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58

if you have that many lines, are you sure you want exactly 1% or a statistical estimate would be enough? In that second case, just randomize at 1% at each line... awk 'BEGIN {srand()} !/^$/ { if (rand() <= .01) print $0}' If you'd like the header line plus a random sample of lines after, use: awk 'BEGIN {srand()} !/^$/ { if (rand() <= .01 || ...


32

You used awk, but I don't know if it's required. If it's not, here's a trivial way to do w/ perl (and without loading the entire file into memory): cat your_file.txt | perl -n -e 'print if (rand() < .01)' (simpler form, from comments): perl -ne 'print if (rand() < .01)' your_file.txt


29

You are probably looking for --colsep. generate_file_pairs | parallel --colsep ' ' ./prog {1} {2} Read man parallel for more. And watch the intro video if you have not already done so http://www.youtube.com/watch?v=OpaiGYxkSuQ


13

This should work on most any GNU/Linux machine. $ shuf -n $(( $(wc -l < $file) / 100)) $file I'd be surprised if memory management was done inappropriately by the GNU shuf command.


12

I wrote this exact code in Gawk -- you're in luck. It's long partially because it preserves input order. There are probably performance enhancements that can be made. This algorithm is correct without knowing the input size in advance. I posted a rosetta stone here about it. (I didn't post this version because it does unnecessary comparisons.) Original ...


10

you want a FileLock: FileChannel channel = new RandomAccessFile("C:\\foo", "rw").getChannel(); // Try acquiring the lock without blocking. This method returns // null or throws an exception if the file is already locked. FileLock lock = channel.tryLock(); // ... // release it lock.release(); for simplicity's sake I've omitted an enclosng try/finally ...


9

You can use FUSE to implement an intermediate Linux file system that sits on top of your real file system (the backend file system) and that performs any validation you need on the data before finally writing it to the backend. Then, you serve that file system via NFS/Samba. Another possibility is to use the inotify API to be notified of the changes on some ...


8

Think I would just create a new mysql/sqlite/whatever DB and insert the rows. Should be ~20 lines of perl. This, of course, requires easy access to a DB.. Guess you could also sort the files by the interesting fields and then for each line in file1 find and print the matching lines in file2.


7

Use break instead of continue! continue returns to the head of the loop, only skipping the current iteration, while break leaves the loop for good. On an unrelated note, your code has a bug that causes it to hang up if the file cannot be read for any reason (e.g. the user deletes it while your program tries to access it, the user removes the USB stick the ...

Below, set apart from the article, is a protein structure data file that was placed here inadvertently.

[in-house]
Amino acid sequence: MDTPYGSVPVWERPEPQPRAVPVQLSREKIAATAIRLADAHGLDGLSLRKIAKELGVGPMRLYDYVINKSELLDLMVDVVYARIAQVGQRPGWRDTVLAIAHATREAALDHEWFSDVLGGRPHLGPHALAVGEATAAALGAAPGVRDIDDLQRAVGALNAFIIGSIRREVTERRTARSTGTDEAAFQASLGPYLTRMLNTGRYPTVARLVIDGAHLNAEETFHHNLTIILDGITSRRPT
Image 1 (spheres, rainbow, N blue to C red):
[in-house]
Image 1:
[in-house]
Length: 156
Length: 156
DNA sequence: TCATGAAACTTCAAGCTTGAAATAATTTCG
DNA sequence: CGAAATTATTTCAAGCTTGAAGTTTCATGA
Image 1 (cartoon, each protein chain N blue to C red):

7

You can use the getArgs function to read arguments on the command line. For example: import System.Environment (getArgs) main = do args <- getArgs case args of [arg] -> putStrLn $ "You gave me one arg: " ++ arg _ -> putStrLn $ "You gave me " ++ show (length args) ++ " arguments." You can use the readFile function to read a ...


7

Using a RandomAccessFile to seek, then read your bytes out. File file = new File("DemoRandomAccessFile.out"); RandomAccessFile raf = new RandomAccessFile(file, "r"); // Seek to the end of file raf.seek(file.length() - n); // Read it out. raf.read(yourbyteArray, 0, n);


7

This memory usage is expected. Data.Map.Map consumes about 6N words of memory + size of keys & values (data taken from this excellent post by Johan Tibell). A lazy Text value takes up 7 words + 2*N bytes (rounded to the multiple of the machine word size), and a Word16 takes up two words (header + payload). We will assume a 64-bit machine, so the word ...


6

Your fread call reads up to 10 bytes correctly, but printf with %s requires string to be null terminated. You can fix it by increasing size of the buffer to be 11 bytes and after every call to fread write zero at the end of data, i.e. buffer[br] = 0;. The other way to go is to tell printf what is the size of your data by calling printf("%.*s", br, buffer);. ...


6

Start with this page comparing NumPy and Matlab. Here are some examples regarding your post: In [5]: import scipy In [6]: X = scipy.randn(3,3) In [7]: X Out[7]: array([[-1.16525755, 0.04875437, -0.91006082], [ 0.00703527, 0.21585977, 0.75102583], [ 1.12739755, 1.12907917, -2.02611163]]) In [8]: X>0 Out[8]: array([[False, True, ...


6

Change: f = open(filename,'r') To: f = open(os.path.join('testfilefolder',filename),'r') Which is effectively what you are doing in: f = open("testfilefolder/file2.txt",'r') Reason: you are listing the files in 'testfilefolder' (a subdirectory of your current directory) but then trying to open the file in your current directory.


6

with open('path/to/input') as infile: words = [] for line in infile: words.append(line.strip()[::-1]) with open('path/to/output', 'w') as outfile: for word in words[::-1]: outfile.write(word) outfile.write('\n') One liners (since we all love them): with open('path/to/input') as infile: words = [line.strip()[::-1] for line in infile] ...